3-1-1 Call Takers Hear It All

If you’ve got comment, complaint or concern in Revere, there’s only one number that you need to call — 311. Waiting on the other end are two guys who are tapped into a network of information.

This system is not for 911 emergency calls, but for calls from the community for service.

Allan Fitzmaurice and Randall Monestin are the calm, cool and collected employees waiting to take any call and help solve just about anything from the 311 Constituent Service Center.

The 311 program was launched in mid-October under the direction of Mayor Brian Arrigo and Reuben Kantor, director of Innovation and management. The hub of the center is on the second floor of City Hall. Looming over the call-takers is a 55-inch screen that shows a map of the city and other data that they use to track calls.

Callers can tap in a couple of ways, by dialing 311, or going to the city website or even using an app (Revere311) on a smartphone.

On average the center gets about 65 call a day, mostly on trash and recycling days, but some for the Department of Public Works calls with requests to fill potholes. In addition, the 311 department has over 500 frequently asked questions available for internet users.

“These two city employees have so much customer service background that people actually call back and thank them,” Kantor said.

There are also numerous calls that are transferred to the city Health Department and Building Department, two of the busiest departments in the city.

“We’ve become pretty knowledgeable about the city,” said Fitzmaurice, who has a background in radio and television. “We also meet with department heads on a regular basis.”

The job of a call taker is in no way boring, rather they are kept on their toes, like during the storm we had back in January. The day of the storm call takers worked from 7 a.m. to 9 p.m.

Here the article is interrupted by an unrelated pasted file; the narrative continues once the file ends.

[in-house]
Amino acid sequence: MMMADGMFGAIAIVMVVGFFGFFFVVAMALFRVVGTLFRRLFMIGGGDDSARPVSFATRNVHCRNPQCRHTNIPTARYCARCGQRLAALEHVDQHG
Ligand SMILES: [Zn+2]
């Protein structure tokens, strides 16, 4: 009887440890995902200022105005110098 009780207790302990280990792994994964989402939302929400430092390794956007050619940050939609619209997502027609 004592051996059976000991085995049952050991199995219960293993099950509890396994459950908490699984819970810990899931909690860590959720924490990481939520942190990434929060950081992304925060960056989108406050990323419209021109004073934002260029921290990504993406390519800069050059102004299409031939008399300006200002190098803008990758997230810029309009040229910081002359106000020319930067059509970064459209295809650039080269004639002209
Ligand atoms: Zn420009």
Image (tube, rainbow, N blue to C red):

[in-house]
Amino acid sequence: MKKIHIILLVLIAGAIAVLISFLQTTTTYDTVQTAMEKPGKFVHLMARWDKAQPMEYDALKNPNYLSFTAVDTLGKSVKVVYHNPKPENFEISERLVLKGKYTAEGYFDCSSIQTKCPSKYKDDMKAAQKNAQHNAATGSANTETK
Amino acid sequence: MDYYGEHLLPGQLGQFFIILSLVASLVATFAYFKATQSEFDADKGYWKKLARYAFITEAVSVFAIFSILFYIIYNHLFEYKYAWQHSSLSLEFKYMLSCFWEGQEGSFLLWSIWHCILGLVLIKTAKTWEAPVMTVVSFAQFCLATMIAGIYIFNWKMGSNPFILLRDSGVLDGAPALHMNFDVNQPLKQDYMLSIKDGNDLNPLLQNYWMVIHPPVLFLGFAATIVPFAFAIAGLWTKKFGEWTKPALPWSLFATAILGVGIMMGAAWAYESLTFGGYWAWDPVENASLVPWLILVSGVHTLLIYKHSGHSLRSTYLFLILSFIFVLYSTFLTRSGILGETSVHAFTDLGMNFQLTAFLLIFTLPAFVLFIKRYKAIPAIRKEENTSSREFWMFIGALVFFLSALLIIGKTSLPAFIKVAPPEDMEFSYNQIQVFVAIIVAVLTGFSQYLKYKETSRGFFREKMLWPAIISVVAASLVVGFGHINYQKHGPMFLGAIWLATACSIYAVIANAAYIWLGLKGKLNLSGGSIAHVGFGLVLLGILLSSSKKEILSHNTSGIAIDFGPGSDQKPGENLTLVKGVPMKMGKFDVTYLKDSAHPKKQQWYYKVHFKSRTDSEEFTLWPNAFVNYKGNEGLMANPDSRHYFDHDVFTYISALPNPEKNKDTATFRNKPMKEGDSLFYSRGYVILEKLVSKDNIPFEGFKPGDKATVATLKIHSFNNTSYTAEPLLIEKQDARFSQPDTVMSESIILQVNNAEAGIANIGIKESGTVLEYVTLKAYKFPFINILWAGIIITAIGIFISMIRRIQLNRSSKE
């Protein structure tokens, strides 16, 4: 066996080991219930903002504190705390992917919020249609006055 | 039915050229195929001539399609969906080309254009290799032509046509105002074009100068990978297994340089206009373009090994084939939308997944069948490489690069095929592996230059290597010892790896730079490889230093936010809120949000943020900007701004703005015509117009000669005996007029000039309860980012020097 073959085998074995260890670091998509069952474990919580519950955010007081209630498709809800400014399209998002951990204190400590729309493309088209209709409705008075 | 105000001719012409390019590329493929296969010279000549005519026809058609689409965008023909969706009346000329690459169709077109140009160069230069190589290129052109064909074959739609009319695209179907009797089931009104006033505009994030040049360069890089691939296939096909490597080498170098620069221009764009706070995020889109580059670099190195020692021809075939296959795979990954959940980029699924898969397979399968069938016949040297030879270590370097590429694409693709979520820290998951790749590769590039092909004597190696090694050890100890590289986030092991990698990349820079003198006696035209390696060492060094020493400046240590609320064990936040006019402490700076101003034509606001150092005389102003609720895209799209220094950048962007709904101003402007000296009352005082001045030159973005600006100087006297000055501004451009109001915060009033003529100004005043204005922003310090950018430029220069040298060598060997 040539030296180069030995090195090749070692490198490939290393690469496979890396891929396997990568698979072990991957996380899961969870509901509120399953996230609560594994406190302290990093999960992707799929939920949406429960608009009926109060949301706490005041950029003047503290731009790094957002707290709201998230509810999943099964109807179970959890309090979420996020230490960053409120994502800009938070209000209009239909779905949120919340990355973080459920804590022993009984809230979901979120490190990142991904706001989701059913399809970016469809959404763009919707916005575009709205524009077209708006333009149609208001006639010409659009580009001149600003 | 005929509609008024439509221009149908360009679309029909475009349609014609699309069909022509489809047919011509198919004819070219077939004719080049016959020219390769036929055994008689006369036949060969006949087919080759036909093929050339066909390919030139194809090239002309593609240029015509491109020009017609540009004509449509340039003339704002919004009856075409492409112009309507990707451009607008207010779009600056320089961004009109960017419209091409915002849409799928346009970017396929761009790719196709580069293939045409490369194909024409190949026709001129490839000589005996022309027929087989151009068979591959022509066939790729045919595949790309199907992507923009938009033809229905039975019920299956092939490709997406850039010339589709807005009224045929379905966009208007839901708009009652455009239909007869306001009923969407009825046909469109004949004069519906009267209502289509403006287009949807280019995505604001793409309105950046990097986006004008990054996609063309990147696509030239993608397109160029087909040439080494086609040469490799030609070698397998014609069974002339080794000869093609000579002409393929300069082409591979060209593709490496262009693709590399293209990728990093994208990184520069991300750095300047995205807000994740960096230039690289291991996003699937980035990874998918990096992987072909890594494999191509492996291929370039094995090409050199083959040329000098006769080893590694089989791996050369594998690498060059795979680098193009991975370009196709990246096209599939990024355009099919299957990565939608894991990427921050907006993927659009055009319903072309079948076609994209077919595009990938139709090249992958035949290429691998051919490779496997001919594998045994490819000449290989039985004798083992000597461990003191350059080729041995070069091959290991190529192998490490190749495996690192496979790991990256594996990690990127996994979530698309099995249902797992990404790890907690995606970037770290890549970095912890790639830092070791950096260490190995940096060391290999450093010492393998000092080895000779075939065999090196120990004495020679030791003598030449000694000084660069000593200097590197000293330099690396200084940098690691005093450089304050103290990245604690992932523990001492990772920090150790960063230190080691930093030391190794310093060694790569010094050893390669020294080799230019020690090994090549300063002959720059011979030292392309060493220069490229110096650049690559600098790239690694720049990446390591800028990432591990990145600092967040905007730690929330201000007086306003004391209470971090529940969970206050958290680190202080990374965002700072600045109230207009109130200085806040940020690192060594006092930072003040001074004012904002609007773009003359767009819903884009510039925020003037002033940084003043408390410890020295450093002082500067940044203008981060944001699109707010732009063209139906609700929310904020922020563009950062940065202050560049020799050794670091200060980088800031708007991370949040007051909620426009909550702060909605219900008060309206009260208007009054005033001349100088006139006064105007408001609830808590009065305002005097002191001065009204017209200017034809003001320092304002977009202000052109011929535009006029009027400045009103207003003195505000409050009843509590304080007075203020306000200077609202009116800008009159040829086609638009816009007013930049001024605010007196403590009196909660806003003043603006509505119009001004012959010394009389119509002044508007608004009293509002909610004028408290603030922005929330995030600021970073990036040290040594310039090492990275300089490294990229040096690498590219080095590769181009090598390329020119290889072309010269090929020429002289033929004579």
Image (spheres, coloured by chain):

One call that came in during the storm was from a woman looking for a fax machine to use. Fitzmaurice said she began the conversation complaining how Staples was no longer in Revere at Wonderland Plaza and she wanted to know where she could go in the city for a fax machine.

Another storm call came in from someone with a sick dog. The call takers directed the owner to Angel Memorial Hospital.

The storm also allowed to call takers to operate a pilot program where GPS is used to track the plows on Revere streets.

“We could check, contact the DPW and check in with the contracted plows,” explained Monestin, who has an aviation background and used to run Terminal E at Logan Airport.

During the storm they had 170 calls for plow requests, with streets that had not been plowed, the streets that we down to pavement and others complaining about getting plowed in.

Trash pick-up is a big question during storms, but Monestin said. Capital Waste does pick up during storms. So get you’re trash out. They didn’t forget you, like numerous callers often said.

Other interesting calls have been about finding the right Dominos location and why the water at a certain laundromat is not hot enough. “Department heads like this new service because it frees up staff time and it’s more efficient. It’s not about cost savings we want to be more efficient,” said Arrigo.

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